All 5 Die Hard Movies, Ranked


Few action franchises are quite as beloved or well-known as the Die Hard film series. Totaling five movies released over a quarter of a century (1988-2013), the series has helped spawn the idea of “Die Hard on an ‘X,’” referring to action/thriller movies released in the shadow of Die Hard that apply its tried and true formula to various scenarios. Speed (1994) is probably the best example (Die Hard on a bus), and there’s also Under Siege (1992), which is like Die Hard at sea.

Its influence is undeniable, and while the series didn’t invent the action genre by any means, it refined it into something exciting, satisfying, and instantly popular with audiences. Not all films in the series were created equal, but it’s one that’s had more hits than misses, largely thanks to dependably fun action scenes, an iconic protagonist in John McClane (expertly played by Bruce Willis in his best-known role), and enough years between movies to (generally) ensure each one feels distinct. Below are all five movies in the Die Hard series, ranked from worst to best.

5 ‘A Good Day to Die Hard’ (2013)

Directed by John Moore

Image via 20th Century Studios

The fifth movie in the Die Hard series, A Good Day to Die Hard, will be the final one to feature Bruce Willis as John McClane, after he announced his retirement from acting in 2022 following an aphasia (and later, dementia) diagnosis. It was nice to get one final proper Die Hard movie before potential spin-offs or prequels begin getting announced (it seems almost inevitable when it comes to popular franchises), but it’s unlikely any fans of the series would count A Good Day to Die Hard as one of their favorites.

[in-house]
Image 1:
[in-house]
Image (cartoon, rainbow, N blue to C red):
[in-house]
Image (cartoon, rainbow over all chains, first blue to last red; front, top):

The plot here sets McClane up with his son (played by Jai Courtney), another person who finds himself in various dangerous situations, thanks to his job as a CIA operative. The two end up going to Russia to combat terrorists who are attempting to steal nuclear weapons, though the narrative itself is fairly muddled and unusually hard to follow. The humor and action sequences also feel lacking compared to the rest of the movies, and the villains are entirely forgettable. Action movie fanatics may find a little entertainment value here, but it’s otherwise largely (and regrettably) disposable, clearly standing out as the least compelling entry in the series. It’s no surprise that A Good Day to Die Hard has an IMDb score of 5.1, the lowest of the franchise.

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4 ‘Die Hard 2’ (1990)

Directed by Renny Harlin

Bruce Willis as John McClane holding a gun standing in the snow in Die Hard 2
Image via 20th Century Fox